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Oscars changing in response to lower viewership

The 82nd Academy Awards are upon us. A much-debated, high-pressure, and often hairy event, the Academy Awards captures both the industry and the public attention throughout the season, when nominations are announced, through campaigning, and then at the big kahuna itself. Needless to say, the pressure is on the nominees, and anticipation is building among both casual movie lovers hoping to see their favorites honored and film buffs and industry specialists monitoring the artistic and political tides. In addition, this year’s ceremony is an experiment of sorts, as there are now ten Best Picture nominees, with an unprecedented dominance of blockbusters on the list.
The biggest awards show in the film industry, the Academy Awards ceremony, also called “the Oscars” after the affectionate name for the statuette awarded to winners, has been televised annually in Hollywood for 81 years. The Academy Award is the oldest and most prestigious media award and the event itself is a crowning political, social, and fashion event for Hollywood. Naturally, it is not without its detractors, and despite the adage that “it’s an honor just to be nominated,” the prestige is such that a win is exhilarating and a loss is devastating.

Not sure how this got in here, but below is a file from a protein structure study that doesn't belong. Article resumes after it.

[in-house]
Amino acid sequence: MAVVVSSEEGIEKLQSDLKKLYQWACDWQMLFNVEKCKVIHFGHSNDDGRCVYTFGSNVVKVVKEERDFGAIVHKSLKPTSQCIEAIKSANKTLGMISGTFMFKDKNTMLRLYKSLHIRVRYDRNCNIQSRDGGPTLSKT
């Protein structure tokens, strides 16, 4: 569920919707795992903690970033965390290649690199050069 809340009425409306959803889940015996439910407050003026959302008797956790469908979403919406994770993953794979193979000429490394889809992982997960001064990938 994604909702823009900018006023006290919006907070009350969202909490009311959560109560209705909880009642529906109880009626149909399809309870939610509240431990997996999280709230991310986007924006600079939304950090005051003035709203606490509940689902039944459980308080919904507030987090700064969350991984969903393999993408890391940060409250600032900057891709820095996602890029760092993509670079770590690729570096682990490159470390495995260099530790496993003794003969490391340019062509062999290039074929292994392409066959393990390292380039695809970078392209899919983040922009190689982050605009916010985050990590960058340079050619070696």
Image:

The awards are handled by the Academy of Motion Picture Arts and Sciences, a collection of 6,000 directors, screenwriters, cinematographers, actors (22% of membership), and other film professionals. The membership list is typically concealed, although you can imagine there are some big names, including past winners, on the list (obviously, they are not allowed to vote on their own nominations). Because the Academy is comprised of people in the industry, though, two things happen that have brought both public and industry criticism down on the awards.